Decisions about the design and specification of the building envelope play a key role in how well a building will stand the test of time — its weather-tightness, energy efficiency, visual appeal, operating costs and much more. LABM reports.
Considerations around the fixing methods for roofing and cladding systems may not be high on the agenda, but the right approach is vitally important to maximise value from capital investment and minimise both operational expenditure and the carbon footprint. This is why the team behind the new Wick Community Campus project chose their envelope systems and fasteners with great care.
In Wick, a small town in Caithness some 256 miles north of Edinburgh, a £48.5m project to replace the town’s High School, Primary School, Swimming Pool and Library with the Wick Community Campus has brought a wide range of high quality facilities to children as well as the local community.
Part of Scotland’s Schools for the Future programme and delivered by hub North Scotland, as the development partner for Highland Council, with support from Scottish Futures Trust, the council and Ryder Architecture designed building is a world away from the school it replaced. The original Wick High School dates from 1910, supplemented with several further buildings added in the 1960s, and by the 2000s it had reached a stage where it was no longer suited to the needs of modern education.
The new complex built by main contractor Morrison Construction has received national acclaim for its design and was shortlisted in the Royal Town Planning Institute Awards for Planning Excellence 2018. In creating an energy-efficient building that would provide flexibility in a comfortable, safe and secure internal environment with a stable climate and plenty of natural daylight, the design approach was around an ‘internal street’ with a wing arrangement where teaching accommodation is separated based on departments and their individual requirements.
The northerly coastal location of the school makes for comparatively aggressive conditions — Wick’s annual rainfall is 814mm, compared with 557mm for London, with 44.5 days per annum of air frost versus just 28.6 days in the capital. Without the right material choices for the roofing and cladding, these conditions could seriously compromise a building’s lifespan, with premature failure leading to costly repairs and unwanted disruption to the learning environment.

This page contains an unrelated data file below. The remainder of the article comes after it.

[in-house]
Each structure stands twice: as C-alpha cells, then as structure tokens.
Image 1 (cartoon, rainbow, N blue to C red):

Roofing and cladding specialist Curtis Moore was appointed by Morrison Construction to deliver a complete envelope package. This encompassed a combination of systems specified by the architect, including 8,000m2 of Kalzip 400 standing seam roofing, which is rolled on-site from a coil of sheet metal, minimising road freight and allowing full-length sheets with no overlapping.
This was complemented by over 1,000m2 of Icopal ballasted inverted flat roofing, along with more than 1,000m2 of Rodeca translucent polycarbonate cladding, anodised aluminium cassette rainscreen cladding and Equitone fibre cement rainscreen cladding. In addition, Curtis Moore was tasked with installing perforated aluminium roof liners to provide acoustic performance and resistance to corrosion for the campus swimming pool.
Key to ensuring that the various building envelope solutions provide consistency in quality with lasting performance was the selection of a wide range of fastening systems from SFS throughout the construction. Amongst these were A2 (grade 304) austenitic stainless steel SDK fasteners, which are highly resistant to corrosion to secure the Kalzip standing seam roof.
In addition, stainless steel A2 (grade 304) SXC5 fasteners, which are precision engineered self-drilling screws for steel, provided an equally robust and reliable attachment for fixing C-channel sections to the steel decking, as well as for top-hat sections to C-channels. And in the roof construction for the swimming pool, where the maximum level of resistance to corrosion was needed, SFS TDB-S fasteners were selected. These were used to fix the structural decking to the main steel frame and were specified in A5 grade stainless steel (EN1.4547), a type of stainless steel, which is far less susceptible to corrosive elements such as chlorine.
These relatively small components make a big difference to the long-term success of a project by providing assurance that the building envelope will not deteriorate simply due to the failure of a fastener. It is this kind of attention to detail that is vital if the new generation of educational buildings are to stand the test of time and deliver superior quality learning facilities for years to come.